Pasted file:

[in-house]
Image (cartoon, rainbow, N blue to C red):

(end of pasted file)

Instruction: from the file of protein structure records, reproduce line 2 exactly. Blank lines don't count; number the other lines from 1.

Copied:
Image (cartoon, rainbow, N blue to C red):